(The previous version of this answer was criticized as being too over-the-top which was not intended, so I have reorganized it for more clarity.)
The key point here is keep your manager in the loop.
From your description, it appears that your company is a customer of the other company. Check with your manager if there are any issues with contacting the other company's employees directly for official purposes. If there are none, then just inform him that you would be using personal contact to help with the client's requests. If there are, then no matter how silly it is in practice, you will have to do what the manager says.
A simple request like asking for contact information is usually not an issue, but it is a good idea to keep your manager in the loop, so that he can deal with any potential problems, such as:
Violation of Contract: Your company's contract with the other company may have specified a SLA (service-level agreement) or other communication protocol to be followed for all communication. While unofficial channels are usually much more efficient to get the work done, violation of a contract is usually a lot of trouble to deal with.
Unreliable communication: It is a huge risk to your client's project if the only interface with the other company is you and your friend. Their project could slow down to a crawl or even grind to a halt if either of you is unavailable. Since the work is getting done and clients are not complaining, your manager probably doesn't know (or care enough) at this point how the work is getting done. By letting your manager know that you are using unofficial contacts, you give him a chance to plan for such situations.
Bypassing metrics: Management loves to track "metrics", especially in deals with other companies. Using personal contacts prevents them from getting the metrics they might be interested in. During an audit or at the end of the project, they might be "pleasantly surprised" to know that they have raised zero issues with the other company, which is misleading.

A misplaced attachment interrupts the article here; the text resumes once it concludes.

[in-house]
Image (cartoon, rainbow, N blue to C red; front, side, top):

Dealing with problems: It is possible that your friend could give you wrong contact information, or that the contact suggested by him creates some issues for the client. Dealing with client complaints are a part of manager's job, but they cannot do it effectively if they have no idea what is going on.
The actual answer ends above. The below
fluff additional commentary is only for entertainment information. It is based on my real work experience (and not taken from an HR handbook), and may not apply to every situation.
Many companies prohibit their employees from contacting employees of client/vendor companies directly, for a number of reasons:
Avoid bypassing management's priorities: When requirements come through the official communication channels, it is easier for management to prioritize the tasks. Every customer wants their issue to be given the highest priority, but nothing will get done when everything is urgent. Management assigns priority to prevent such chaos. By contacting the lower level employees directly, you bypass the management, which can create problems.
Avoid perception of preferential treatment: Allowing personal contacts for communication means companies that do not have such personal contacts in the company will have to wait longer or get inferior service. Even if that is not true, the company's other customers will carry that perception if they find out about this personal contact arrangement.
Official contacts are well trained for the job: Why do companies send spokespersons to press conferences instead of any random employee? How do these spokespersons respond "no comment" without batting an eyelid to controversial questions? Representing your company to outsiders is serious business, for which the company trains them thoroughly.
When things go well, using personal contacts instead of the official channels doesn't do any harm, but when things are not so rosy, such personal contacts can create problems for the company. What happens when the personal contact doesn't give you the required information, or gives the wrong information? What if you say something rude which damages your company's relationship with the other company?
Prevent accidental divulgence of confidential information: Personal contacts in companies have varying levels of awareness of corporate policies. A somewhat naive employee could unintentionally divulge company confidential information to outsiders.